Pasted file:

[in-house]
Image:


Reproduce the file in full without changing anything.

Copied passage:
[in-house]
Image: